Learners will have started their journey in a “flipped” classroom. Having completed their EBacc, of course, they would not even have considered the boring old bricks and mortar university (now only available to the super rich). Instead they will have gone straight into work and chosen either to study for one of the new Degree Apprenticeships or opted for a MOOC. At work, their learning will take place through a variety of ESNs or PLNs.

So let me start to decipher some of this “learning-speak”. The concept of a “flipped” classroom is rapidly gaining momentum thanks to the remarkable rise of the Khan Academy and other video-based learning platforms. If you are not yet acquainted with the Khan Academy, then do Google it and take a look and before you write it off, remember it now has huge financial backing from the likes of Bill Gates and others.

The flipped classroom is based on the premise that our current education methodology ( teacher imparts some knowledge during a lesson; students develop understanding through homework) is incredibly inefficient. The Khan approach is that knowledge is transferred at home via video thereby freeing up lessons for developing understanding. The “teacher” can then provide support on an individual basis when and where it is needed. “Homework” gets done because support is immediately available rather than being dumped in frustration when mum or dad don’t know the answer either. It’s a simple yet brilliant concept and whilst of course there are all sorts of practical problems, the internet is now full of articles and blogs about the value this approach is bringing to the classroom.

I have blogged before about MOOCs (Massive Online Open Courses) and hardly a day seems to pass without yet another prestigious university signing up to a MOOC problem. Whilst I’m a massive fan of the concept, I’m still not convinced that every university course can be “mooced” and I’m not sure whether they will remain totally free for ever, but there is no longer any question that they are here to stay and that they will soon represent genuine alternative to bricks and mortar universities. Equally, the whole Apprenticeship programme is clearly moving in the direction of Higher and Advanced Level Qualifications thereby representing another genuine alternative to traditional university education.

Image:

Finally, I have no doubt that the move towards informal or social learning as the main method of ongoing workplace training, will continue to gather pace. Of course by its very nature, this form of learning is collaborative and will need to be captured and shared. The concept of Personal Learning Networks (PLNs) is therefore rapidly gaining ground.  Groups of people with similar interests or learning objectives will gather together  via a standard social networking platform much as Twitter or Google +, Enterprise Social Networks (ESNs) such as Yammer or new platforms such as Ning, designed specifically to manage PLN (Radiohead use Ning so it must be good!)

So where do all of these developments leave traditional eLearning providers? It took eLearning nearly 30 years to establish itself as a genuine alternative to traditional classroom training, but the rate of change is now so great, that I would be surprised if it takes 30 months for the new social learning movement to become the preferred approach to learning. The idea of an individual sitting in front of a screen scrolling through a learning programme is dead in the water and any eLearning provider who continues along that path is, in David Byrne’s words, on The Road to Nowhere.

However, for those eLearning providers who are prepared to embrace rapid change, the new learning methodologies open up huge opportunities. Incorporating social learning concepts into eLearning programmes and Learning Management Systems is technologically not difficult. More tricky will be the change in mind-set necessary to make the initial leap.